The combination of the invention further includes a lower sheet of waterproof material disposed beneath the outwardly facing opening in the box and extending below the flange. This lower sheet is located between the flange of the box and the outwardly facing building surface. The combination also includes an upper sheet of waterproof material fastened to the outwardly facing building surface above the flange and overlying the flange and extending below the outwardly facing opening of the box. This upper sheet defines and opening at the opening of the box so as to leave the outwardly facing opening of the box uncovered.

The opening in the outlet structure normally has a rectangular configuration and the flat flange includes a planar portion which extends both above and below the opening in the structure. In one embodiment of the invention the flange is planar throughout both above, below, and to both sides of the opening in the concave receptacle. The flange may include apertures to receive nails or other fasteners to secure the flange to the building framework. These apertures are normally located to one side of the outwardly facing opening of the concave receptacle.

To achieve a weather tight seal with this embodiment of the invention, a horizontal strip of sisal craft paper is inserted up between the flange and the building framework beneath the level of the receptacle opening before the flange is secured to the building framework. The lower portion of this horizontal strip of sisal craft paper forms a flap that extends downwardly from behind the flange beyond and beneath the lower extremity of the flange. The sisal craft paper is flexible so that a lower, horizontal layer of black paper can be inserted up behind it on the inward or interior side thereof.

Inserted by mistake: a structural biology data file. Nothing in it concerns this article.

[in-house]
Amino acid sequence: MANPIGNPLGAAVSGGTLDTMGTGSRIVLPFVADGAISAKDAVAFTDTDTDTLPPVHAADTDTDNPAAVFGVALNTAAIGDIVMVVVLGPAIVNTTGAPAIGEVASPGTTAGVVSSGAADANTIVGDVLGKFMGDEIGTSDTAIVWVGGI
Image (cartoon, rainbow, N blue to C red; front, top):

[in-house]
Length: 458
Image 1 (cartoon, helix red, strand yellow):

Next, an upper strip of black paper is layered horizontally across the flanged receptacle. A rectangular opening is cut in the upper strip of black paper so as to accommodate the outwardly protruding portion of the receptacle which extends outwardly beyond the flange. Since the outlet has an integral, unitary flange formed therewith, any water seeping down behind the stucco or siding on the outwardly facing surface of the upper layer of black paper cannot seep inwardly toward the interior building wall at the outlet, but is channeled laterally by the flange so that the water ultimately drips down on to the sisal craft paper, and cascades on down the horizontally disposed strips of black paper located therebeneath.